Under tremendous pressure to reduce costs to get to parity with grid electricity, green manufacturing and production are being done highly efficiently, with much of the work going to semi-skilled construction laborers, not change-the-world college graduates. eSolar and Brightsource Energy are building solar thermal power plants in the Desert Southwest, most of which have about an 11:1 construction to operating job ratio. Brightsource's Ivanpah plant, which will have a rated capacity of 392 MW, will produce nearly 1,000 construction jobs, but just 86 permanent jobs. eSolar's smaller 5 MW Sierra SunTower plant created 250 construction jobs, but just 21 permanent jobs.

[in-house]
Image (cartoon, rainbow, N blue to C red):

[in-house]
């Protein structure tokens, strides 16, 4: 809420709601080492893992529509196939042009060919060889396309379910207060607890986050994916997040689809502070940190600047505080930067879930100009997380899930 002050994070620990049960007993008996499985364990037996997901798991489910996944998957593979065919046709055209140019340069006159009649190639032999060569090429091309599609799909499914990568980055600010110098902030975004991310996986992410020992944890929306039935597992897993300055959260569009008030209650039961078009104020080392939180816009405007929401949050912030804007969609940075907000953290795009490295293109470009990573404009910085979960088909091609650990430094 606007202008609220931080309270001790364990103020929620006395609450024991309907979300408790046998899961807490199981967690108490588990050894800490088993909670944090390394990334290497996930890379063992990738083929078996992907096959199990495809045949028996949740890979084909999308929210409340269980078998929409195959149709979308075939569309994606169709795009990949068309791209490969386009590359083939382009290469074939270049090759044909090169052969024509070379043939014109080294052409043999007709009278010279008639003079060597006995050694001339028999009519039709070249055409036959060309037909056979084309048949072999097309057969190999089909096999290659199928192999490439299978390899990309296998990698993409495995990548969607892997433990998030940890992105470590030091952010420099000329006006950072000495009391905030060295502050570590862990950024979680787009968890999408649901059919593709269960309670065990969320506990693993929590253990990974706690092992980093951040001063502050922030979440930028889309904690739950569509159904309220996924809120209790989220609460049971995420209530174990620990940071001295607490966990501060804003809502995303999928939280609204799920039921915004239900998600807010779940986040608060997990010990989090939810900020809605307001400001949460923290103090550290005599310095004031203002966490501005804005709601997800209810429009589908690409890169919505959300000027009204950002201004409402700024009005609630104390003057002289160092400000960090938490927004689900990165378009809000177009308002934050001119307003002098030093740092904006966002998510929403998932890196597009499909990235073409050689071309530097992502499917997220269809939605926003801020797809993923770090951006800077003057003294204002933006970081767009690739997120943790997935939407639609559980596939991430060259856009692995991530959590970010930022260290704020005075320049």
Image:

The Caithness 845 MW wind farm in Oregon will have just 35 permanent workers, and 400 construction jobs, similar to the 11:1 construction-operating ratio seen with solar thermal. One worker per 24 MW is about 1/4th less than a typical coal-fired plant. While it helps make wind power cheaper, it also shows how much of the opportunity with greentech will be in construction, which is not unlike data centers and other emerging technology areas. They are so automated and efficient that once they are up and running, they are better at creating wealth than jobs.